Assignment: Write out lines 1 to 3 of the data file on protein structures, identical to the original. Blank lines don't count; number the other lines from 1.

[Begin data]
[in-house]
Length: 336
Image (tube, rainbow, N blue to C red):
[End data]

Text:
[in-house]
Length: 336
Image (tube, rainbow, N blue to C red):